Forget states that are overwhelmingly Democratic or Republican. Even in a state that's extremely closely matched in terms of political opinion, your vote still has a vanishingly small chance of making a difference. First of all you have to consider the probability that your state will make a difference as to who wins the electoral college, which would only happen if the electoral vote totals are very close, and then you have to multiply that by the probability that your single vote can make the difference in who wins your state, which would only happen if there's an exact tie. See this paper for the results of such a calculation.
The bottom line is that it's an extremely small probability, which depending on your state could be as low as one in a hundred billion, and even the state where a person has the highest probability, the probability of your vote making a difference would only be one in ten million. As a point of comparison, the average person is only willing to pay a dollar to avoid a one in ten million chance of death, so assuming you value your survival over the outcome of the Presidential election, the von Neumann-Morgenstern rationality axioms state that it's irrational to vote if it costs more than a dollar to do so (for instance in terms of gas costs and the cost of your time).
There has in fact been a persistent puzzle among economists, especially the variety that believe that all human behavior is rational, concerning why it is that people vote in such large numbers when their vote almost never make a difference, not only at the Presidential level, but even at the level of local elections. One theory is that people are simply behaving irrationally, for instance because they overestimate the probability that their vote will matter.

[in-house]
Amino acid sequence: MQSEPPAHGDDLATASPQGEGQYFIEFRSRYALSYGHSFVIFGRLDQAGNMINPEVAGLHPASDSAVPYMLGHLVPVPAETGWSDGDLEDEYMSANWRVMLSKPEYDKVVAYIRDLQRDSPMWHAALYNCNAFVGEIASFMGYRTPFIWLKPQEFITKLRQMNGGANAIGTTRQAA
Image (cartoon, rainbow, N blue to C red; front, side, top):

Another theory is that people do it not merely because of the chance of changing the outcome of an election, but because it's an act of civic duty, although economist Steve Landsburg, in his popular book "The Armchair Economist", counters "But that ignores the fact that voting takes time away from other more productive acts of civic duty. You can spend 15 minutes casting an essentially meaningless vote, or you can spend the same 15 minutes returning shopping carts from the parking lot to the front of the grocery store. In the second case, you'll have actually made the world a better place."
Yet another theory (articulated in the paper I linked to) is that the outcome of an election, especially for President, matters quite a lot to people because it affects the lives of hundreds of millions of Americans, so the low probability is made up for by the high reward. That raises the question, though, of why most people aren't more politically active in a lot of other ways.
To my mind, perhaps the most plausible explanation is that people vote out of a Kantian ethic. In simple terms, Immanuel Kant's categorical imperative states that you shouldn't do an action unless it would be good if everyone did it. So the argument against not voting would be that if everyone listened to the advice of economists and stayed home, then a given person's vote would actually make a difference, so for that reason you should vote. Economists tend to be skeptical of that kind of reasoning, because they're generally utilitarians in their ethics, not Kantians. (Landsburg, for instance, says that it's "as true and as irrelevant as the assertion that if voting booths were spaceships, voters could travel to the moon. Everyone else does not stay home. The only choice that an individual voter faces is whether or not to vote, given that tens of millions of others are voting.") But I think the average person is more sympathetic to Kantian reasoning.